The problem with bathing is common. When my mother first resisted bathing, I was totally embarrassed, but I later found that it was normal for the elderly. It would help to have another person bathing her and you helping rather than doing it all yourself. She might be less cranky with someone else.

These are some suggestions that might help with bathing:

  • Increase the room temperature so she won?t feel so cold.
  • Get towels, soap and anything else you use ready before you even talk to her about a bath.
  • Tell her what you are going to do -- and be very patient. She may not understand for a while and you may need to tell her several times. Tell her what you are going to do, what you are doing and why you are doing it.
  • Test the water to make sure it isn?t too hot or too cold. Also, remember that when people test the water temperature with gloves on, it may be much hotter than they think. I tried this and found that the water I thought was the right temperature with gloves on was actually too hot.
  • You may need to hold something in front of her so she doesn?t feel so naked
  • Be gentle. Her skin probably is more sensitive than it was 10 years ago. Wash gently, and you may need to pat her dry instead of rubbing.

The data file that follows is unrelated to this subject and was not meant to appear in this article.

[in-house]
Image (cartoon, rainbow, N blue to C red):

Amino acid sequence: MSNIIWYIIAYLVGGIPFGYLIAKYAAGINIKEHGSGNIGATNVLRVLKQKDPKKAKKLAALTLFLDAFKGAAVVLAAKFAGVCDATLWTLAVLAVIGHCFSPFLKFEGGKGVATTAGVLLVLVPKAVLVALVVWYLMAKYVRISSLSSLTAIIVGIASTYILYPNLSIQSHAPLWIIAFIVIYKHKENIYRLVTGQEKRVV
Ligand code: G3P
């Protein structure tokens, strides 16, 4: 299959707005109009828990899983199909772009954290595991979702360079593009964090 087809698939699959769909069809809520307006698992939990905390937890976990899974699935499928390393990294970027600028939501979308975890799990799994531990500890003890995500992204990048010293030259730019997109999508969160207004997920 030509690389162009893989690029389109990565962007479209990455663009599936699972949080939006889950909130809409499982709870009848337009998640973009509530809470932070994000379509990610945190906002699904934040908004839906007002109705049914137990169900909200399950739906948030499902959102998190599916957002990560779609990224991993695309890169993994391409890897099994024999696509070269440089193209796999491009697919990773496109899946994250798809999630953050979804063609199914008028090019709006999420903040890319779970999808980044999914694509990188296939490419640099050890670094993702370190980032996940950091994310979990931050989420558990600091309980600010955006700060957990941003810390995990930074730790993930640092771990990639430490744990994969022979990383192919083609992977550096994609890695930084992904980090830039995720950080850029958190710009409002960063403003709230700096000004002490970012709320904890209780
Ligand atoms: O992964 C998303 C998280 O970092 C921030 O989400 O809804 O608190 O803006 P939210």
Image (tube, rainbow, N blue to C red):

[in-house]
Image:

• You can wet her hair with a washcloth and soap and then rinse it. Less water will get in her face this way.
  • Try to distract her as you wash her. Talk about something else, play music or do whatever might distract her in a pleasant way.
  • Experiment between a shower and a tub bath, and vary the time of day to find out what works best for her.
  • You might find that a sponge bath works better than giving a normal bath or shower all the time. An older person usually has dry skin and washing too often will make the dryness worse.
  • Make sure the area is safe with non-slip adhesives on the floor of the tub or shower and that there are grab bars.

© 2004 Pederson Publishing, Inc. All Rights Reserved.
Commercial use, redistribution or other forms of reuse of this information is strictly prohibited without the prior written permission of Pederson Publishing.